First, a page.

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ARS Home » Northeast Area » Ithaca, New York » Robert W. Holley Center for Agriculture & Health » Research » Publications at this Location » Publication #64932


item Miyasaka, Susan
item Grunes, David

Submitted to: Agronomy Journal
Publication Type: Peer Reviewed Journal
Publication Acceptance Date: 2/27/1997
Publication Date: N/A
Citation: N/A

Interpretive Summary: Phosphorus, sulfur, zinc, copper, manganese, and iron can limit plant growth, and some of these elements may also be low in forages for grazing cattle or sheep. Winter wheat forage is grazed by beef cattle in many parts of the U.S., such as Kansas, Oklahoma, Texas, and Missouri, and also in other parts of the world. Often these forages are grazed in the spring and dfall when the air and the root zone temperature (RZT) are fairly cool. The purposes of this study were to determine the effects of Ca level, and RZT on the concentrations of the above-named elements in winter wheat forage. Winter wheat forages were grown in solution culture at four levels of Ca, and at RZTs of 8 deg. C or 16 deg. C, or of changing from 8 to 16 deg. C. It was found that plants grown at 16 deg. C RZT had higher concentrations of phosphorus, sulfur, zinc, copper, manganese, and iron in the edible portions of the plants than those grown at 8 deg. RZT. When the temperature ewas changed from 8 to 16 deg. C RZT, the concentrations of these elements in the plants generally approached those in plants grown constantly at 16 deg. C RZT. Therefore, one would expect to more frequently see plant nutrient deficiencies of these elements at cool temperatures than at warmer temperatures. The same is true of deficiencies of these elements in animals grazing winter wheat forages. The level of calcium in the nutrient solution sometimes increased and sometimes decreased the concentrations of these elements in the winter wheat forage. These findings are expected to contribute to reductions in the incidence of mineral nutrition deficiencies in both plants and animals.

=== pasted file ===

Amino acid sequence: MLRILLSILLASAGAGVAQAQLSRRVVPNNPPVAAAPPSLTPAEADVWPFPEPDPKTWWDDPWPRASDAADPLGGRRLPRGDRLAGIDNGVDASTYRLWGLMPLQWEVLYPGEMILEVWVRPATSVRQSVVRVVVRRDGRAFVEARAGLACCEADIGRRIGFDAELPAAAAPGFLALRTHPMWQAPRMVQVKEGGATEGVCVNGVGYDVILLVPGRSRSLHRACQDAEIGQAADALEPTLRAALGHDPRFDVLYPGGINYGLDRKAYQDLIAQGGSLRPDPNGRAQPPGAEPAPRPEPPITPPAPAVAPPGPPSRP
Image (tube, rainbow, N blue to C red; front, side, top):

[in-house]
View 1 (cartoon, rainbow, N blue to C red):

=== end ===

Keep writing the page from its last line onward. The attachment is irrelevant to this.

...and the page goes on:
Technical Abstract: An understanding of the environmental factors that play a major role in altering the accumulation of nutrient elements by plants is needed to prevent nutrient deficiencies in plants, animals, and humans. To determine the effects of increased root zone temperature (RZT) and four calcium (Ca) levels on the forage quality of winter wheat (Triticum aestivum L. 'Centurk'), seedlings were grown under three RZT regimes (constant 8 deg. C, constant 16 deg. C, and increasing from 8 deg. to 16 deg. C). The plants were grown in nutrient solutions, with four Ca levels (0.2, 0.6, 2.0 and 5.0 mM). Plants grown at 16 deg. C RZT had significantly higher concentrations of phosphorus (P), sulfur (S), zinc (Zn), copper (Cu) and manganese (Mn) in both the shoots and roots compared to those grown at 8 deg. C. Plants transferred from 8 deg. C to 16 deg. C RZT showed significantly increased concentrations of P, S, Zn, Cu, and Mn in both the shoots and roots within two weeks after transfer to the higher RZT. Simila results were found for iron (Fe) concentrations in the shoots. Increasing Ca levels in solution significantly increased P and Cu concentrations in the shoots and roots, but significantly decreased Zn and Mn concentrations. Thus, RZT and solution Ca levels are two environmental factors that can alter nutrient accumulation by plants, affecting both plant growth and forage quality.